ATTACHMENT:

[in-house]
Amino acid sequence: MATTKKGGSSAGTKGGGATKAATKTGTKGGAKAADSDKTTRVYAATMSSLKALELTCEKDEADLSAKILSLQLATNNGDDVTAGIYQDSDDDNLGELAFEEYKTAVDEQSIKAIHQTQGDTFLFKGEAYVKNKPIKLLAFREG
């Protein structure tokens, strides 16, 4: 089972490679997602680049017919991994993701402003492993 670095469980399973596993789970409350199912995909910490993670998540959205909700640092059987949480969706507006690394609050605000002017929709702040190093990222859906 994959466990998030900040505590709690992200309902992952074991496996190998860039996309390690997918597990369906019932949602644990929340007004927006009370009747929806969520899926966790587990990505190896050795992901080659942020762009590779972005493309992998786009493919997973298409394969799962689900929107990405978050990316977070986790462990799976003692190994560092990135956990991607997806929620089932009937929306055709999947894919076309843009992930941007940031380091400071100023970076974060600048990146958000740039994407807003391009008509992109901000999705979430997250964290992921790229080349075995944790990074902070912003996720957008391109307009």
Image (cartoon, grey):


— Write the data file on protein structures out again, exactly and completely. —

[in-house]
Amino acid sequence: MATTKKGGSSAGTKGGGATKAATKTGTKGGAKAADSDKTTRVYAATMSSLKALELTCEKDEADLSAKILSLQLATNNGDDVTAGIYQDSDDDNLGELAFEEYKTAVDEQSIKAIHQTQGDTFLFKGEAYVKNKPIKLLAFREG
């Protein structure tokens, strides 16, 4: 089972490679997602680049017919991994993701402003492993 670095469980399973596993789970409350199912995909910490993670998540959205909700640092059987949480969706507006690394609050605000002017929709702040190093990222859906 994959466990998030900040505590709690992200309902992952074991496996190998860039996309390690997918597990369906019932949602644990929340007004927006009370009747929806969520899926966790587990990505190896050795992901080659942020762009590779972005493309992998786009493919997973298409394969799962689900929107990405978050990316977070986790462990799976003692190994560092990135956990991607997806929620089932009937929306055709999947894919076309843009992930941007940031380091400071100023970076974060600048990146958000740039994407807003391009008509992109901000999705979430997250964290992921790229080349075995944790990074902070912003996720957008391109307009």
Image (cartoon, grey):